Doctor explains Affordable Health Care enrollment

Published On: Dec 24 2013 09:15:03 AM EST
Updated On: Oct 01 2013 06:50:07 AM EDT

No matter what happens in the House and Senate, enrollment for the President's Affordable Care Act WILL open tomorrow. But even before people start signing up - many Americans are still confused about how to process works and the resources they can turn to before choosing the plan that's best for them. Channel 4's Adrienne Moore joins us now with a step-by-step look at how you can make the transition without the headache.

JACKSONVILLE, Fla. -

Open enrollment for the Affordable Care Act begins Tuesday. Even before people can start signing up, many Americans are confused about how the process works and what resources they can turn to before choosing a health care insurance plan that is best for them and their family.

Entering this new world of required health insurance coverage can seem overwhelming, but Dr. Carolyn McClanahan says it doesn't have to be. She recommends the uninsured start looking at healthcare.gov to see all of their options.

“For the people who want individual coverage, the new place to go is healthcare.gov,” said Dr. McClanahan.

The website asks people about their current coverage or if they are eligible for coverage through their employer. If the answer is “no” to both the website, it then takes the user to another page and asks the uninsured about possible dependents and other tax information.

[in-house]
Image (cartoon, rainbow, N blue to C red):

“It asks if your household income is below $48,000. The reason it asks that is if you're a single person and you're income is under that, you'll be eligible for premium tax credits to help you pay for the insurance,” said Dr. McClanahan.

The website then takes users to a summary page based on the questions they’ve answered. There is even an online calculator on the page to give users an idea of what they will expect to pay for health insurance.

"It shows that I'm at 331 percent poverty level, so my unsubsidized premium is $2,405 dollars, which is how much I would have to pay,” said Dr. McClanahan.

From there people can look over the plans that are offered, plans that Dr. McClanahan said are organized under a medal structure.

“The four types of plans are bronze, silver, gold and platinum, and the only place they differ is how much they pay of your healthcare cost, with a maximum out-of-pocket,” said Dr. McClanahan. “People who are generally healthy should probably buy a bronze plan and put the money away for needed healthcare. People who use the doctor a lot probably would want to go with a platinum plan.”

Keep in mind that the exact price of plans will not be available until Oct. 1. Dr. McClanahan said the site’s information will still be helpful as people prepare and navigate through the first steps.

"We know this kind of system can work if we give it a try,” said Dr. McClanahan.

Those folks who do not have internet access can also get information by phone.

The number to call is 1-800-318-2596. Those phone lines are open 24 hours a day, 7 days a week.

Open enrollment starts Oct. 1 and ends Dec. 15.

There is a second enrollment period that starts Dec. 16 and gives people until March 31, 2014, to sign up or face a fine.

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